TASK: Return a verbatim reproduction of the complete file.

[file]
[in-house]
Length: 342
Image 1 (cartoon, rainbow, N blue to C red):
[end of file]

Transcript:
[in-house]
Length: 342
Image 1 (cartoon, rainbow, N blue to C red):